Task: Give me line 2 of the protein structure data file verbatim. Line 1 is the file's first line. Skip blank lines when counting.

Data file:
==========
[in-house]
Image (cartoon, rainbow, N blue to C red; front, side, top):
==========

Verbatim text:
Image (cartoon, rainbow, N blue to C red; front, side, top):